Hank Henry was hired by Judy Bayley and his inaugural celebrity show went until 5:00 the next morning reminding old-timers of the all-night parties at the Silver Slipper when Sinatra and pals would show up to see Henry.
Professional boxing matches were held every Tuesday in the Palomino Room. The other nights, the Breck Wall revue- Botttoms Up! occupied the space.
In 1967, Judy Bayley approached YESCO about designing a sign for the Hacienda. An accomplished horsewoman, Bayley wanted her prized horse, J.B., to be the model. Brian "Buzz" Leming got the job of designing the famed horse and rider signage for the hotel and the matching sign that was placed at McCarran Airport.
Another publicity maker for the hotel fit in with Judy Bayley's love of horses. "The Hacienda Trailrides" were seen by some as the social event of the year. The first trailride was held in December, 1968 to commerate Pearl Harbor. Proceeds went to benefit the local Veterans of Foreign Wars. Well-known locals such as attorney Mike Hines, State Parks Adminstator Eric Cronkhite and the Albright brothers all took part. The trailride began at the Valley of Fire State Park and ended in Overton.
Four Trailrides were held over the next four years leaving from Tule Springs (now Floyd Lamb State Park) and even from the Hacienda itself before they were discontinued in the wake of Bayley's death.
Like other resorts of its day, the Hacienda was a mini-city underneath it all. There was a full-service beauty salon, a golf course, restaurants, continuous entertainment, retail shops and a Boutique Booze Shop. For the kids there was miniature golf, ping-pong and the go-cart tract. Baby-sitting arrangements could be made and the hotel allowed pets as long as they were registered when their owners checked in.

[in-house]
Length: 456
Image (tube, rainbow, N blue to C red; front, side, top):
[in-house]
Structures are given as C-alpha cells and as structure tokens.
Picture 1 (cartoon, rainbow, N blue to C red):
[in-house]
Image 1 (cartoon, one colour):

The Manager's Champagne Party was held nightly from 5:00-6:00 pm and offered free Champagne. The Midget Race Track every Saturday and Sunday was open for all children between the ages of 5 and 15. Under strict supervision, it cost a quarter. The 19th Hole promotion invited guests to compete for the giant jackpot on the 19th hole, where a hole in one cold net you a cool 5,000.
In March 1970, the Hacienda had its March Mardi Gras promotion. For $5.00, guests received a deluxe air-conditioned room with free TV, $1.00 free play with chips, two gourmet brunches, green fee for the par-3 course and an invitation to the free Champagne party as well as miniature golf.
In December 1971, Judy Bayley died of cancer. Towards the end, she changed her will disinheriting her family and a few key employees. She left her estate to her attorney Magleby and her personal assistant, Raishbrook. The family contested the will but the court ruled it was legitimate.
The hotel was in bad financial straits and the two new owners sold it almost immediately. Allen Glick of the Argent Corp. bought the Hacienda. Glick and Argent owned the Stardust and the Fremont Hotel. By 1977, Glick was in trouble with the Feds for skimming and organized crime connections at the Stardust.
Show Producer Bob Moore brought in an ice show called "Fantasy on Ice" that turned out to be quite popular. That gave way to "Spice on Ice" which featured up and coming star, Susan Anton.
In a prescient move, in 1973, orchestra leader Paul Lowden was granted a 15% interest in the Hacienda.
In 1974, the familiar red and green neon facade of the hotel gave way to tan and brown as part of a $7 million renovation. Glick and Argent purchased 80 acres south of the resort as well for the expansion. The renovations included a new casino, restaurants, a remodeled showroom and a redesigned pool area. In addition, a $25 million, 11-story 300 room highrise tower was planned. Convention facilities, accommodating 5,000 people, would be built on the recently acquired 80 acres.